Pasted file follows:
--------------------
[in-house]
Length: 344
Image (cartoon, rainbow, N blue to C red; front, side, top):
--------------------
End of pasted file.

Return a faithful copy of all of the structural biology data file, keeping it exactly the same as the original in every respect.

[in-house]
Length: 344
Image (cartoon, rainbow, N blue to C red; front, side, top):